Radio NZ: Farmers’ ETS exemption progresses

NZ Herald: Scientists record symbolic milestone, and it’s not one to celebrate

NIWA: Baring Head greenhouse gases

Bulletin of the Atomic Scientist: The continuing relevance of “On the Beach”

Scientific American: We Just Breached the 410 PPM Threshold for CO2

Radio NZ: January 2018 NZ’s hottest month on record

Mediaworks: Minister didn’t know park was in drilling plan

Additional

Monkeywrench (Sandor.net):  The Politics of Green Coalitions – rethinking our strategy and positioning

Monkeywrench (Sandor.net):  Which way Winston, and what’s in it for the Greens?

Ministry for the Environment: Overview of likely climate change impacts in New Zealand

Other Blogs

The Standard: How a National/Green coalition could work

Previous related blogposts

As predicted: National abandons climate-change responsibilities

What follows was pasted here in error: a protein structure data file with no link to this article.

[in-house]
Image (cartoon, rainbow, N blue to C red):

ETS – National continues to fart around

National’s moving goalposts on climate change targets

 

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This blogpost was first published on The Daily Blog on 17 May 2018.

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Media bullsh*t vs the Bovine variety

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A case in point where the media can misrepresent what an elected representative  has stated occurred immediately after Corin Dann interviewed Environment Minister, David Parker, on 6 May, on TVNZ’s Q+A;

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David Parker and Corin Dann on TVNZ’s Q+A, 6 May 2018

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The interview itself was professional, with Dann asking pertinent questions and drilling down into Minister Parker’s stated objective to reduce agricultural pollution of our waterways.